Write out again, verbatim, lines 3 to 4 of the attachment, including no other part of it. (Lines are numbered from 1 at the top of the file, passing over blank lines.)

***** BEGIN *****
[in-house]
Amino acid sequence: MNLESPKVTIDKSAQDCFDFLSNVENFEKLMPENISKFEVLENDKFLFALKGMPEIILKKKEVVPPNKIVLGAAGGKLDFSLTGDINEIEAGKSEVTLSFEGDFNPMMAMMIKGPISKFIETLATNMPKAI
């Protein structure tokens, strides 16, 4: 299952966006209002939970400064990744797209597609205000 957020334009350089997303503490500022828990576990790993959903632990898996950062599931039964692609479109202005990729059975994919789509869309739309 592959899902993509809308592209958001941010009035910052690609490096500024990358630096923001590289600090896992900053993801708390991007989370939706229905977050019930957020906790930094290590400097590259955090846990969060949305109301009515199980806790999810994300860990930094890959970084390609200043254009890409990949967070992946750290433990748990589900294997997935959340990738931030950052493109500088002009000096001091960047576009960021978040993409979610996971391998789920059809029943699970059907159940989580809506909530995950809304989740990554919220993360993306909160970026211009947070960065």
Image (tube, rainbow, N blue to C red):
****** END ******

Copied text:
């Protein structure tokens, strides 16, 4: 299952966006209002939970400064990744797209597609205000 957020334009350089997303503490500022828990576990790993959903632990898996950062599931039964692609479109202005990729059975994919789509869309739309 592959899902993509809308592209958001941010009035910052690609490096500024990358630096923001590289600090896992900053993801708390991007989370939706229905977050019930957020906790930094290590400097590259955090846990969060949305109301009515199980806790999810994300860990930094890959970084390609200043254009890409990949967070992946750290433990748990589900294997997935959340990738931030950052493109500088002009000096001091960047576009960021978040993409979610996971391998789920059809029943699970059907159940989580809506909530995950809304989740990554919220993360993306909160970026211009947070960065």
Image (tube, rainbow, N blue to C red):